• Cost of maintaining necessary equipment and software.
  • Cost of continued migration of data to new tapes.
  • Limited media stability.


If magnetic tape is selected as the security storage media, the programs, machine instructions, system documentation, and other items required to access the records become Vital Records and must be protected accordingly.

Vital Records: How To Store Vital Records

After determining what method will be used to protect Vital Records, determining where and how to store the records is crucial. The location you chose will need to be accessible within seconds to 24 hours after a disaster. Vital Records can be stored on-site, off-site, or in specialized equipment.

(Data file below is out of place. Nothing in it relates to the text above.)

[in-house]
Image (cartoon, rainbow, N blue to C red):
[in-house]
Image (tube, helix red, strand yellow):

On-site storage means storing Vital Records in the same vicinity as your office, such as in a closet or storage area in the building. The drawback to choosing on-site storage is that if a major disaster strikes the entire building or damages it beyond repair, you have little chance of retrieving your Vital Records.

If you choose to store your Vital Records in the same building your office occupies, it is necessary to take precautions to prevent a disaster from spreading to the areas in which the Vital Records are stored. This could range from installing fire doors and walls, to following basic best practices to protect your records. Best practices range from actual physical location to working conditions within the storage area.

The following should be taken into consideration and resolved for each office which has Vital Records in their active files:

  • Does the storage area have ventilation? Does it have proper temperature and humidity controls?
  • Are there electromagnetic fields nearby that could damage computer tapes or disks?
  • What security measures are in place to stop unauthorized access to the area?